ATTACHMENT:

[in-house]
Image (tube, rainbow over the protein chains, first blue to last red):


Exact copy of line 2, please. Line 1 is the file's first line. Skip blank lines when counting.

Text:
Image (tube, rainbow over the protein chains, first blue to last red):